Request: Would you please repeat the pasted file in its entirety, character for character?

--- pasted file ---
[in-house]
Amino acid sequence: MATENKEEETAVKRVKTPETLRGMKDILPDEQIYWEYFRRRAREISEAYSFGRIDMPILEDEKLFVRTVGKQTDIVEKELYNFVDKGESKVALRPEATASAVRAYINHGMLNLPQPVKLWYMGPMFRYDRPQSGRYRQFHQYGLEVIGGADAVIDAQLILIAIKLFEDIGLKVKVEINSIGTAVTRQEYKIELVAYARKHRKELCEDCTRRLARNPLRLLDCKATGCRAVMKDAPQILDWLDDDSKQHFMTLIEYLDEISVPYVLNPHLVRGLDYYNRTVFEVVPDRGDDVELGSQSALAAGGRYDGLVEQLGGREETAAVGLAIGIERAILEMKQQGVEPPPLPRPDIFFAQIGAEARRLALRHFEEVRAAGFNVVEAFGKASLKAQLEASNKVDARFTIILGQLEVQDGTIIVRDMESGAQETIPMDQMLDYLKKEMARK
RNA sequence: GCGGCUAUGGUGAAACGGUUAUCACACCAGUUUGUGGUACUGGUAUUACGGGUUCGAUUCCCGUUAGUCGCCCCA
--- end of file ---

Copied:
[in-house]
Amino acid sequence: MATENKEEETAVKRVKTPETLRGMKDILPDEQIYWEYFRRRAREISEAYSFGRIDMPILEDEKLFVRTVGKQTDIVEKELYNFVDKGESKVALRPEATASAVRAYINHGMLNLPQPVKLWYMGPMFRYDRPQSGRYRQFHQYGLEVIGGADAVIDAQLILIAIKLFEDIGLKVKVEINSIGTAVTRQEYKIELVAYARKHRKELCEDCTRRLARNPLRLLDCKATGCRAVMKDAPQILDWLDDDSKQHFMTLIEYLDEISVPYVLNPHLVRGLDYYNRTVFEVVPDRGDDVELGSQSALAAGGRYDGLVEQLGGREETAAVGLAIGIERAILEMKQQGVEPPPLPRPDIFFAQIGAEARRLALRHFEEVRAAGFNVVEAFGKASLKAQLEASNKVDARFTIILGQLEVQDGTIIVRDMESGAQETIPMDQMLDYLKKEMARK
RNA sequence: GCGGCUAUGGUGAAACGGUUAUCACACCAGUUUGUGGUACUGGUAUUACGGGUUCGAUUCCCGUUAGUCGCCCCA